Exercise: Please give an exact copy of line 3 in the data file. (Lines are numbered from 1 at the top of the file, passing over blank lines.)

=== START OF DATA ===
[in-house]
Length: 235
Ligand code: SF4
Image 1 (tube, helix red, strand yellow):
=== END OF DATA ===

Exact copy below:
Ligand code: SF4